About a year ago I replaced the stock firmware in my Linksys WRT54G v.3 wireless residential router with a Sveasoft version. At the time my WRT54G did not support wireless bridging. I wanted to bridge between two access points to eliminate a cable that was previously run across the floor in front of my kitchen. This also added three more wired ports to the entertainment center, which is where my X-Box and another PC were located at one time.
On the other end of the bridge is a Belking F5D7230-4 v2000. This unit was my primary (and only) router prior to the addition of the bridge setup. Back when I had decided to setup a bridge my original intention was to purchase another F5D7230. I was concerned that the Belkin router would only bridge with another Belkin router. Unfortunately, I was unable to find the same model at Wal-Mart. Before I purchased the Linksys WRT54G I actually purchased another F5D7230 but after walking out to the car and opening up the box I learned that even though it was the same series it was not the same router. It only had one antenna, was of smaller dimensions, and did not support bridging. I returned it to Wal-Mart and went ahead and spent an additional $20 for the Linksys router.
The Sveasoft firmware worked though it was somewhat buggy. I had to enter wireless settings in a specific sequence or the unit would go into an endless cyle of powering up and down. It was frustrating but I was able to get it to work.
A couple of months ago I started looking at alternatives to the Sveasoft firmware for my WRT54G. I still wasn’t happy with the configuration problems and I also suspected that it was causing network bandwidth problems (I don’t know if it did affect the network performance, but I’ve noticed better performance since I removed the Sveasoft firmware). I had stumbled upon DD-WRT but I didn’t want to spend time trying to add it to my WRT54G.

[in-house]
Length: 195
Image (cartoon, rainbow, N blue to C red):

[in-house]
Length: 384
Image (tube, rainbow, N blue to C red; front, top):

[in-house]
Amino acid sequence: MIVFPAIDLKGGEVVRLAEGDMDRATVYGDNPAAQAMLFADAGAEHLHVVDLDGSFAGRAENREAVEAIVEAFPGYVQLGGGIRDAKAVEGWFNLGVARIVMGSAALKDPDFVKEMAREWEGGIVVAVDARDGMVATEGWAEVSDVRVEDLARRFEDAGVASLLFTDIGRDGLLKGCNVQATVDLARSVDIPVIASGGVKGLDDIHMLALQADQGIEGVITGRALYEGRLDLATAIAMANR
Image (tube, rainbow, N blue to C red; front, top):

Of course, since I’m on vacation and “getting things done” I decided to finally swap firmware on the Linksys router. The actual replacement was fairly simple. I used the “generic” version by uploading the firmware file via the Sveasoft Web administration interface.
For the past 24 hours I’ve been working with some problems with the new firmware, most of which are related to setting up WDS and still getting wireless clients to connect. Currently, the wireless bridge is working and I am able to connect a wireless client (laptop). However, I seem to be experiencing drops and still having problems connecting to the wireless network. I’m hoping this is something I’ll be able to resolve, but I’m tempted to keep the firmware regardless.
The DD-WRT firmware appears to have more options than the Sveasoft firmware. I haven’t encountered any issues that I know are bugs (yet). Overall it’s a more elegant solution. There are also alleged violations in the way Sveasoft distributes the firmware. Namely, Sveasoft charges for the software but does not provide the source code, which is a violation of the GPL license the original software is derived from. I don’t know the specifics but I find this matter unsettling and one more reason to not use Sveasoft firmware. There have also been several posts that question the manner in which Sveasoft handles subscriptions, which are required to download the firmware in the first place (cost is about $20/year).
My primary reason for switching to DD-WRT this week was in the hope that it would improve the quality of my iChat video conferencing. I’m not certain it has, but it’s nice to work with a firmware that doesn’t have to reboot the router for every configuration change. Today, I was able to temporarily place my Mac in a DMZ in the middle of a chat and it did not interrupt the conversation.
Plus, the interface just looks damn slick.